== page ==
4. There are many stories in the Bible about the suffering of the most devout followers of Jesus – just goes to show that no one is immune to suffering. Faith in God determines HOW we will handle it. The thing about suffering is that we come out stronger having gone through it.

    Just yesterday, we had a guest speaker at our church who talked of his life with Cerebral Palsy and his quest to become a Pediatrician, and about all of the obstacles and ridicule he’s endured, as well as doors slammed in his face – but his faith persevered and he is in his last four months of med school. If that’s not inspiring, I don’t know what is…

    • I’d like to modify that a little bit. Grit and determination determine whether we will handle suffering; faith provides a means. But faith without determination doesn’t help very much.

  5. Hey, Jim,

    I happened across your blog when you were “Freshly Pressed” a couple of weeks ago. Congratulations!

    I’ve since gone back to read many of your old posts (my favorite so far is the one about the broken coffee mug), but today’s really hit home.

    Although we’ve come to slightly different conclusions about the nature of God and our place in the universe, I greatly enjoyed reading about the thought process that eventually led you to embrace your faith and belief.

    Thank you so much for sharing of yourself in such an honest, wise, articulate way. I very much admire your thoughtful — and thought-provoking — writing. Please keep it up.

    Best wishes for a happy new year!

    • Heather, I’m glad you dipped into the archives! They get so lonely.

      We all have to figure out how the universe works, and we are all free to come to whatever conclusion!

  6. Jim, I appreciate this “testimony” and analysis of your pathway to faith. Faith, after all is crucial. Jesus said, “Believe on me,” he did not say “Prove God’s existence.”

    “You ask me how I know He lives? He lives with in my heart!”

  7. Michael says:

    “Some end up predisposed toward God and others toward reason and evidence.”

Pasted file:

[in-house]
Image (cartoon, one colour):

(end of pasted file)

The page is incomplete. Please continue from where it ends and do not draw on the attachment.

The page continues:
Being a geek like you , I was in the latter camp as you know until I came to know God and now I see reason and evidence DOES point to God. I am amazed at how blind I was to it before, and it frustrates me when I come across those that used to be like me. :) Thankfully, while I may assist, it is the Holy Spirit’s job to unstop their ears and allow the scales to fall from their eyes.

    • I know several people who, in trying to use reason and evidence to disprove God, ended up believing in him instead. I think it goes to show that each individual needs to seek God on his own terms; God can work through whatever predispositions that person has.

      • Michael says:

        I think He said it well, “For what can be known about God is plain to them, because God has shown it to them. For his invisible attributes, namely, his eternal power and divine nature, have been clearly perceived, ever since the creation of the world, in the things that have been made. So they are without excuse.”

  8. Lone Primate says:

    Jim, I must have missed this over the holidays. I just happened across it in an effort to catch up. I really enjoyed reading this; it was extremely soothing. I’ve sort of gone the other way on the big questions but I have to say I admire your conviction and envy the degree of serenity your faith gives you.

    The photos you chose, too, are strangely compelling. I’m not sure how or why but they really shape what you said. They’re like cool mint icing on the rich chocolate cake of your text. Does that even make sense? :)

    • LP, I do respect the side of this on which you’ve come down, if nothing else because I could have gone that way too. Also, if you were able to get inside my head for a few minutes, you’d see that my conviction frequently wavers and my serenity comes and goes. Such is the nature of anyone’s faith.

      Thanks for saying nice things about my photos. I think the interplay of light and shadow in them are what connect them to this post. I took these with my Canonet QL17 G-III with Fuji Acros Neopan 100 b/w film. They’re all from along the canal in Indianapolis’s Broad Ripple neighborhood.

  9. Rama Sarma says:

    An eminent poet says, ” I know the answer as to whether Heaven really exits or not, But the belief that it exists quietens my heart.”

Leave a Comment

This site uses Akismet to reduce spam. Learn how your comment data is processed.